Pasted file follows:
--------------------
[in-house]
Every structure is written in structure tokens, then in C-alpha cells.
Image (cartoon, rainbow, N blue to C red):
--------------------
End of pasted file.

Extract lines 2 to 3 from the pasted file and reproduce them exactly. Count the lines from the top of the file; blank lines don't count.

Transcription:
Every structure is written in structure tokens, then in C-alpha cells.
Image (cartoon, rainbow, N blue to C red):